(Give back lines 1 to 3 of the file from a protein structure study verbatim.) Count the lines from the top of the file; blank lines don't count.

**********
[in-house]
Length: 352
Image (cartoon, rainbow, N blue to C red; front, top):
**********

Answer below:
[in-house]
Length: 352
Image (cartoon, rainbow, N blue to C red; front, top):